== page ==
Can drawing the winning entry for a comic-book contest solve all of Tucker MacBean’s problems?
Actually, the seventh-grader’s ever-growing list of obstacles becomes the pressure cooker in which his own true character takes on power. This revelation becomes the kernel of truth needed to make his comic-book avatar, Beanboy, a winner. Harkrader builds realistic settings of complicated family relationships without requiring them to take center stage, including single-parent homes, special-needs siblings, living with grandparents and poverty. The action ramps up when the class bully, Sam Zawicki, is hired to babysit Tucker’s younger brother, Beecher. Although there are an abundance of minor characters, it is the turbulent relationship between Tucker and Sam, crackling with villainous energy even as it warms, that sets the story’s pace. As Tucker’s real problems start to multiply, tension builds in his developing comic book—and with the contest deadline looming, Beanboy has not proven his mettle. The resolution of multiple problems, however, seems to fall like dominoes once Tucker sticks up for Sam at the school dance. Tucker realizes his own power to solve problems, resulting in an epiphany that contributes to be successful end to both his and Beanboy’s adventures.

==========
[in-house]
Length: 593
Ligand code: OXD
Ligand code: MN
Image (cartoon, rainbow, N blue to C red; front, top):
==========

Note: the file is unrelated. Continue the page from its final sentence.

With a full comic adventure that includes a farting superhero, this is an excellent recommendation for kids transitioning between graphic novels and traditional books. (Fiction. 8-12)